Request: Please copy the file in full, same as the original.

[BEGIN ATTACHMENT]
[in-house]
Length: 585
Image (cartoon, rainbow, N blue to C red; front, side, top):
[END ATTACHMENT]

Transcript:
[in-house]
Length: 585
Image (cartoon, rainbow, N blue to C red; front, side, top):